SpaceX originally designed its acclaimed Falcon 9 rocket to be a reusable rocket platform. With literally dozens of Falcon 9 rocket launches and landings in just the past three years, it’d be an understatement to say that SpaceX has exceeded this momentous goal, but for the most part, SpaceX limits the number of times that a Falcon 9 rocket can fly.
The highest number of times that any Falcon 9 rocket booster has flown is three, and three separate rocket boosters have achieved this feat, including B1046, B1048, and B1049. After the third launch, SpaceX seems to retire the rocket booster, instead opting to launch a newer one, presumably on the grounds of safety and reliability concerns.
The latest iteration of SpaceX’s Falcon 9 rocket, dubbed ‘Block 5’ is designed to be the most reusable Falcon 9 rocket yet. It’s intended to make refurbishing the rocket easier and to reduce the amount of time needed to make it flight-ready again. The average turnaround time for rocket booster refurbishment is approximately 107 days.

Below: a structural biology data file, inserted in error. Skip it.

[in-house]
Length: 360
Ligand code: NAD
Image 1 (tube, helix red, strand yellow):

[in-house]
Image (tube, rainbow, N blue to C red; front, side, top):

Theoretically, a SpaceX Falcon 9’s Merlin engine should be capable of at least one-thousand maintenance-free flights, but there are several other components of a rocket to take into consideration besides the engine, such as the fuel tank, the landing gear, and the payload vehicle, among other things. Each of these systems must work flawlessly to ensure a safe and reliable flight.
In the future, SpaceX may phase out the Falcon 9 rocket in place of larger and more advanced rocket systems, such as the upcoming Starhopper starship, which could double as a transportation system in low-Earth orbit and for deep space missions to Mars and the Moon.